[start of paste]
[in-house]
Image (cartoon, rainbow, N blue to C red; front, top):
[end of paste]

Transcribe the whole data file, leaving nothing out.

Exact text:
[in-house]
Image (cartoon, rainbow, N blue to C red; front, top):